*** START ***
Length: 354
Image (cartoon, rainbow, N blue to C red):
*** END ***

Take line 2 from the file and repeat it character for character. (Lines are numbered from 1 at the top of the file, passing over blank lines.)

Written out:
Image (cartoon, rainbow, N blue to C red):